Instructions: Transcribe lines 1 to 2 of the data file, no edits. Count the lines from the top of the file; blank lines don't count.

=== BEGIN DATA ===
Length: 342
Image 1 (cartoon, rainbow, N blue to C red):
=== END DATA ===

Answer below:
Length: 342
Image 1 (cartoon, rainbow, N blue to C red):